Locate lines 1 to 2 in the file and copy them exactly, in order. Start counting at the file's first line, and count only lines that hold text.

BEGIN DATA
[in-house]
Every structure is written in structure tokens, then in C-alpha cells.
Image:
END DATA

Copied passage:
[in-house]
Every structure is written in structure tokens, then in C-alpha cells.